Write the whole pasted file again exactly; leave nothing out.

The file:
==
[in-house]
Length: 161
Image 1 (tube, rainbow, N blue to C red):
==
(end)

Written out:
[in-house]
Length: 161
Image 1 (tube, rainbow, N blue to C red):